If you're leaning toward the crab and Old Bay scenario, you need a sparkler of a wine, not necessarily something bubbly, and definitely or weighed down by butter notes or oak. The 2008 Dry Creek Vineyard Clarksburg Chenin Blanc ($9.99) blends lemon, apricot and nectarine notes with acidity that sings like the high notes in the National Anthem. Now, if you've steered clear of Chenin Blanc because you think it's sweet, hear me out: THIS IS DRY. There is nothing sweet about this wine, unless you're using the word as a slangy compliment.

If you're 4th is likely to be a "session" celebration, then it's probably a good idea to have some lighter-style beers on hand. The Maui Brewing Company "Bikini Blonde Lager" ($1.83 each) comes in convenient cans that can get tucked in a bag and cooled in the river or lake while you're getting your grill on. If you want something hoppier but that won't put you to sleep, try the Russian River Brewing "Blind Pig" IPA (500ml $4.30) or the aptly named Anchor Brewing "Liberty Ale" ($1.49).

Whole Rainbow Trout stuffed with lemon and rosemary come out fantastic on the grill, and the 2008 Chehalem "Inox" Willamette Valley Chardonnay ($15.99), with its Adriatic fig, lime and saturn peach-like fruit, and completely crisp palate feel, your fish will sing like that silly wall-mounted fish that appears in too many summer cabins. This would also go quite well with grilled veggies!

2007 Kunin "Westside" Paso Robles Zinfandel ($21.99) Paso Robles may not exactly be the "heart" of Santa Maria-style barbecue country, but it's definitely a ventricular valve. So it comes as no surprise that Seth Kunin's "Westside" Zin (actually, all of Kunin's reds) pairs perfectly with the garlicky, smoky meat, the fresh salsa and the pinquito beans. The Westside comes from the Cushman and Rancho Santa Margarita vieyards and is aged for 10 months in a combination of French and American oak, and it is spicy and rich, with plenty of bright red fruit and actual acidity (believe it) that will stand up to those thick slabs of tri-tip.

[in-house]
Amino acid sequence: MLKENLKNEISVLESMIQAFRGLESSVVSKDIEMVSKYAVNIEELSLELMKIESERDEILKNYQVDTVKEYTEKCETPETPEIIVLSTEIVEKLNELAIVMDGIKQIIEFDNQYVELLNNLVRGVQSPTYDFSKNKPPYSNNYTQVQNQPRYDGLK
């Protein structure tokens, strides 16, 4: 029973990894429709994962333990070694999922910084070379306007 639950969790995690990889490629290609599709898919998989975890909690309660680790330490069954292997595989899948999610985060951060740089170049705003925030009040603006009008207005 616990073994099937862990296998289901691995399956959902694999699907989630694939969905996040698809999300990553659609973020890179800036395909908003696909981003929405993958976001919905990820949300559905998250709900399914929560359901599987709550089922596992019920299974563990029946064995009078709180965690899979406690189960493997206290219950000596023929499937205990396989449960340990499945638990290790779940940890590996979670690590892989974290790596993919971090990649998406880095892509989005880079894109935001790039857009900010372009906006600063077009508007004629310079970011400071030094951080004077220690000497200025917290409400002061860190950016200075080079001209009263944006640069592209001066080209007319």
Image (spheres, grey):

If you've never had a bottle of Ridge's classic "Geyserville," then you've been missing out on a quintessential California wine, as American as football or apple pie, but possibly better than both. The 2008 "Geyserville" ($29.99) is comprised of Zinfandel, Carignane, Petite Sirah and Mataro. It has a complexity that few varietal wines can offer, with briar fruits, tangy cranberry, spicy white pepper and an undercurrent of black olives on the nose that evolve into mocha, licorice and black raspberry in the mouth. Try will pair with the aforementioned Bison sliders, ribs, ribeyes, pork tenderloin or any number of other savory treats you lay in its path. If you're having a big party, try a BIG bottle, like the 2004 vintage in magnum ($74.99) or three-liter ($189.00).

I love Zuni- Cafe style roasted chicken (I do mine on a cast iron vertical roaster on the grill) and tomatoey panzanella with a juicy Syrah--it's actual my go-to Sunday supper--and I don't like to spend a lot on the wine that goes with it. Fortunately, some of my favorite Central Coast winemakers turn out lovely, balanced Syrahs that don't overpower the simply prepared bird or my wallet. The 2007 and 2008 Hocus Pocus Santa Barbara County Syrahs ($17.99) are a case in point, as is Wells Guthrie's "I-can't-believe-it's-entry-level" 2007 Copain "Tous Ensemble" Mendocino County Syrah ($17.99), which has brambly fruit, hints of smoke and a touch of dark chocolate to boot.

The 2008 Charles Smith "The Velvet Devil" Washington Merlot ($11.99), from Food & Wine Magazine's 2009 Winemaker of the year, could, single-handedly, change the way you've come to think about Merlot because it's anything but over-priced or over-produced. Juicy, plummy, from a state named for our inimitable first president and a good match for burgers and sausages.

Whatever you drink: Happy 4th of July! Be safe and have fun!

Leah Greenstein